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Turning a Toy into Something Better

by Nick P November 02, 2015

    With Halloween coming up, and stores putting their costumes on sale, there is a lot of pressure to have a decent costume and props. The issue is that most props today look incredibly fake and make noises that don't necessarily correspond to the prop itself, such as laser noises coming from obviously modern weapons. My younger cousin approached me with this exact issue. He got a toy gun from a leading retailer and not only was it florescent green and orange but made the most obnoxious sounds, the noise was so low quality you couldn't identify whether it was suppose to be human speech or a laser. As to not destroy the toy he bought, I went to that exact store and got the same toy gun and had the idea to modify it and surprise him. Here is the entire process needed to take a cheap plastic gun and make it look/sound as cool as possible.

Step 1): Tear Down

We start by removing anything that the toy no longer needs. Take all of the screws out and split the item into its constituent parts. Inside is usually a small motor that rotates, makes the toy vibrate slightly, and some lighting along with a battery back. In our case we want to preserve the battery system but remove everything else, we don't need any fancy lighting nor the unit to vibrate for this project. The way these cheap Chinese guns are assembled usually involves screws and small nooks that hold wires so its not hard to remove everything. Once everything is we need to cover the battery compartment with painters tape to ensure no paint gets on it at all, once paint is on the metal contacts it makes it difficult to transfer electricity and the unit won't work properly.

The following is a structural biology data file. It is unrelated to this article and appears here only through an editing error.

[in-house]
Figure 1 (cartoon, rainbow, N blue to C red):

Step 2): Paint

Obviously the bright green and orange won't be desirable for our finished gun so it'll need a good coat of paint. The best way to apply the paint, in my case, was to get some metal wire and hang each part of the unit individually, this allows easier access to harder to reach locations such as sharp turns and small inlays, and give it a good spray of flat paint. Depending on what color you want primer may not be necessary, although a nice spray of flat black allows the other colors to coat easier. In my case I gave the toy a good spray of flat black then an overlay of forest green, I left the magazine and barrel black for ascetics. Let each part dry overnight and then give it a good covering of clear coat, also flat or matte, and let it dry for another night. Now you have a very light semi-realistic looking gun.

Step 3): Weight

You'll now realize that the toy is literally just a plastic hull, even with the electronics it'll be quite light, so it'd be good to add some weight to it. Doing this is easy. I had some old metal weights laying around but you can literally use anything and just hot glue it in, the hull is actually quite vacant without the old electronics. Just remember to not add the weights to large areas since your new electronics will go there.

Step 4): Electronics

Now that we have a painted and weighted toy its time for the electronics. You will need a Adafruit Soundboard and a Speaker, an Arduino Sidekick Expansion Set is also required if you do not posses any sort of button or switch. The soundboard will need assembling, just simple soldering, and I'd advise not putting the pins in for breadboard attachment since you may want to directly solder the buttons to the sound board itself via jumper cables. Before even a single component goes into the case we need audio. There are plenty of sites that have free audio clips, such as gun and explosion sounds, but they have to be in either wav or ogg format. Since the soundboard only has 15 megabytes of memory, any sound clip over 3 seconds should be put into ogg format, you lose quality but it'll compress the file up to 10 times smaller than wav. 




Nick P
Nick P

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